Origin of avian flight

Somewhere in eumaniraptorans, flight evolved. But how? Two opposing endpoints exist as regards the origin of bird flight (Figure 10.13). The first is the so-called arboreal (or "trees down") hypothesis: that bird flight originated by birds gliding down from trees (Figure 10.13a). In this hypothesis, gliding is a precursor to flapping (powered) flight; as birds became more and more skillful gliders, they extended their range and capability by developing powered flight. Perhaps flapping developed as a modification of the motions used in controlling flight paths.

Antithetical to the arboreal hypothesis is the cursorial (or "ground up") hypothesis for the origin of flight (Figure 10.13b). The cursorial hypothesis states that bird flight originated by an ancestral bird running along the ground. In this scenario, perhaps as obstacles were avoided, the animal became briefly airborne. Flapping (powered) flight appeared early on, as the animal strove to overcome more fully the force of gravity. This idea obviously requires a highly cursorial ancestor, in which feathers were already present. In this hypothesis, the legs, feet, and hands of Archaeopteryx are viewed as an inheritance from a cursorial maniraptoran ancestory.

Which to choose? The arboreal hypothesis is intuitively appealing, and getting airborne is easy. On the other hand, the cursorial hypothesis is strongly supported because ultimately the ancestor of birds had to have been a cursorial creature.

A problem with the cursorial hypothesis is that it has so far proven nearly insurmountable to model a cursorial theropod that developed flight by running along the ground. For this reason, an arboreal stage intermediate in the development of flight has been attractive to many scientists. Yet indications of a cursorial heritage are present in all living birds as, indeed, their limbs are little changed from the non-flying coelurosaurian condition.

Recently an interesting compromise position was proposed. Perhaps flapping wings helped early cursorial theropods to get a purchase on steep slopes, overhangs, or even tree trunks. From this it would not have been a big leap, as it were, to flapping flight. Ultimately, however, the exact scenario by which flight arose may never be known.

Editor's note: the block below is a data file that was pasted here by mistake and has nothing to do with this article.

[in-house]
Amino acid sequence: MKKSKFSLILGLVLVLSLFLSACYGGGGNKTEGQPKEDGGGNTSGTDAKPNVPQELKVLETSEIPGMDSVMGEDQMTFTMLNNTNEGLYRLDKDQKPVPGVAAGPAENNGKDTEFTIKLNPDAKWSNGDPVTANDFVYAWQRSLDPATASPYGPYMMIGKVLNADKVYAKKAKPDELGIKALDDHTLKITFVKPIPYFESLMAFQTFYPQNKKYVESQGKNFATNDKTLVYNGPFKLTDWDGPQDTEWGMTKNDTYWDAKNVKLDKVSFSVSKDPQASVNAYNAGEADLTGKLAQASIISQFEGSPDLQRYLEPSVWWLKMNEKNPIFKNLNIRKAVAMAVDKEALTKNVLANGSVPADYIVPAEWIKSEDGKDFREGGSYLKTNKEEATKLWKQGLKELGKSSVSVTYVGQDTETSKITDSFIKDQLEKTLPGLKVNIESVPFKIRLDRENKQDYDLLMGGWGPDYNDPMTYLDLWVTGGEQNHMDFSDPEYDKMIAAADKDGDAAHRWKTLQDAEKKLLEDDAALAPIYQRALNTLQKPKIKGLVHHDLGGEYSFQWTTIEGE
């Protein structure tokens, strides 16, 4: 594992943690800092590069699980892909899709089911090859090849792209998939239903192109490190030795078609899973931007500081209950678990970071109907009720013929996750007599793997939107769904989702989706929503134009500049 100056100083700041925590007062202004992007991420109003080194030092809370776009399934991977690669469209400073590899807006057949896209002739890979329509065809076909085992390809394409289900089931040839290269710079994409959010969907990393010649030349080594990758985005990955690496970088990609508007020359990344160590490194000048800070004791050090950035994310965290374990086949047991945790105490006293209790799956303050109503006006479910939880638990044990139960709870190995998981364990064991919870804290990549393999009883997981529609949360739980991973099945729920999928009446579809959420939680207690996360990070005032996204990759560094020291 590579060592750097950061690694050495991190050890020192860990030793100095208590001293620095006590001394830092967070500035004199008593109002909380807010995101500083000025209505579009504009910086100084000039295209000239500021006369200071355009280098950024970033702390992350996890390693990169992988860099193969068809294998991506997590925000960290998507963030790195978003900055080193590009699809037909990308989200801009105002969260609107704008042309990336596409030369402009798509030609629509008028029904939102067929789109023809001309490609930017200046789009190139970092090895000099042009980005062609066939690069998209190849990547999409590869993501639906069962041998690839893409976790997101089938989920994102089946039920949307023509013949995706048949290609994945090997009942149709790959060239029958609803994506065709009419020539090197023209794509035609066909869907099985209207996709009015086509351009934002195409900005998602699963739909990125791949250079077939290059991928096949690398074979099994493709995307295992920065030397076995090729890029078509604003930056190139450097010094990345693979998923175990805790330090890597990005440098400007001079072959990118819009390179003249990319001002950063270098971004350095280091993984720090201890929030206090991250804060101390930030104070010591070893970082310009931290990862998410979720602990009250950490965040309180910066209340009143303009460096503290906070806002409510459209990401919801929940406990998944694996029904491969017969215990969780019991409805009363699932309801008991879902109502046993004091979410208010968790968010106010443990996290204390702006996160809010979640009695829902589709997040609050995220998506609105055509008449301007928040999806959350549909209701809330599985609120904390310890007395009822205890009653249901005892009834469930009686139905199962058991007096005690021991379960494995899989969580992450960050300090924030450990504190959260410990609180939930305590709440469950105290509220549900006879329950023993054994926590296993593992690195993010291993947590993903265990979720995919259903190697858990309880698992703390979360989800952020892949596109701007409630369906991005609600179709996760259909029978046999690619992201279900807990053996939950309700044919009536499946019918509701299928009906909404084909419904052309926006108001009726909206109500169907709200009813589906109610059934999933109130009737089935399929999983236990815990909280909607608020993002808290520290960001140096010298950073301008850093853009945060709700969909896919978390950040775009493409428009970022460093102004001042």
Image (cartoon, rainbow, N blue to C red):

How well did Archaeopteryx fly? By all (theoretical) accounts, not particularly well, as compared with living birds. As we have seen, Archaeopteryx lacks many of the skeletal specializations of modern birds. Instead, the creature has a primitively elongate trunk, gastralia, no syn-sacrum, no carpometacarpus, weakly developed coracoids, a small sternum without much of a keel, and none of the supracoracoideus adaptations of living birds.

Recent work suggests that Archaeopteryx could flap its wings, attaining moderately high speeds, but could not perform the kind of slow flight that a running take-off might require. For this reason, some suggest that Archaeopteryx had to have been primarily a tree-dweller. Ultimately we are left with a possibly arboreal animal capable of some powered flight, but not of the kind available to living birds.

The story of Archaeopteryx and the origin of flight reminds us of a fundamental property of evolution. Structures are not commonly invented wholesale in evolution. Evolution modifies existing structures. Here, the feathers and grasping arms of warm-blooded, non-avialan deinonychosaurs were modified - remarkably little - to permit flight. It was a breathtaking evolutionary achievement.

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